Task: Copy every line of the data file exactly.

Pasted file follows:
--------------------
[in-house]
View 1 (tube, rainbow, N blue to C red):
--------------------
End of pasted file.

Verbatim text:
[in-house]
View 1 (tube, rainbow, N blue to C red):